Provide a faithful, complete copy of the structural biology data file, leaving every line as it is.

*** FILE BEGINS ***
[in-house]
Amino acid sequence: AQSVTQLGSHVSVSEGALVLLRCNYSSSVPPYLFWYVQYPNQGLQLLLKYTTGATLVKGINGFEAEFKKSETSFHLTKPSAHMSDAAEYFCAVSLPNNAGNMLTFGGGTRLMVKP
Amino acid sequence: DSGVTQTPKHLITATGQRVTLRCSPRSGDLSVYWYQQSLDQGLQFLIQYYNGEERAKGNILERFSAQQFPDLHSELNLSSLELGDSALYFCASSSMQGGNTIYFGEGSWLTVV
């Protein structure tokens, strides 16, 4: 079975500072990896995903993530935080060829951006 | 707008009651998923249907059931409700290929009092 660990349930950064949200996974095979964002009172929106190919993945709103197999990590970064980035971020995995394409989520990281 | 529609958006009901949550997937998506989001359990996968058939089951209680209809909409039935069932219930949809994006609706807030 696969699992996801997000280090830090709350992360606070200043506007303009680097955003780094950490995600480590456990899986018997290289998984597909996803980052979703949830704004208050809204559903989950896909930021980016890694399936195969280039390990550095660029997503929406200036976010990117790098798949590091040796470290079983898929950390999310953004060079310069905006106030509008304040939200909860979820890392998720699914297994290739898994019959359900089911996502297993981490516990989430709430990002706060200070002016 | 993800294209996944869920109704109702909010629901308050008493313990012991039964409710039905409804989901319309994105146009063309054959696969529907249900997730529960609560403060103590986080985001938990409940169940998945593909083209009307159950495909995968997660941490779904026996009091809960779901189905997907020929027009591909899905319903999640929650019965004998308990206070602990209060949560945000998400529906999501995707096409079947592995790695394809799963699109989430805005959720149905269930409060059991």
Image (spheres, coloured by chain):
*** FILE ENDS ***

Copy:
[in-house]
Amino acid sequence: AQSVTQLGSHVSVSEGALVLLRCNYSSSVPPYLFWYVQYPNQGLQLLLKYTTGATLVKGINGFEAEFKKSETSFHLTKPSAHMSDAAEYFCAVSLPNNAGNMLTFGGGTRLMVKP
Amino acid sequence: DSGVTQTPKHLITATGQRVTLRCSPRSGDLSVYWYQQSLDQGLQFLIQYYNGEERAKGNILERFSAQQFPDLHSELNLSSLELGDSALYFCASSSMQGGNTIYFGEGSWLTVV
């Protein structure tokens, strides 16, 4: 079975500072990896995903993530935080060829951006 | 707008009651998923249907059931409700290929009092 660990349930950064949200996974095979964002009172929106190919993945709103197999990590970064980035971020995995394409989520990281 | 529609958006009901949550997937998506989001359990996968058939089951209680209809909409039935069932219930949809994006609706807030 696969699992996801997000280090830090709350992360606070200043506007303009680097955003780094950490995600480590456990899986018997290289998984597909996803980052979703949830704004208050809204559903989950896909930021980016890694399936195969280039390990550095660029997503929406200036976010990117790098798949590091040796470290079983898929950390999310953004060079310069905006106030509008304040939200909860979820890392998720699914297994290739898994019959359900089911996502297993981490516990989430709430990002706060200070002016 | 993800294209996944869920109704109702909010629901308050008493313990012991039964409710039905409804989901319309994105146009063309054959696969529907249900997730529960609560403060103590986080985001938990409940169940998945593909083209009307159950495909995968997660941490779904026996009091809960779901189905997907020929027009591909899905319903999640929650019965004998308990206070602990209060949560945000998400529906999501995707096409079947592995790695394809799963699109989430805005959720149905269930409060059991």
Image (spheres, coloured by chain):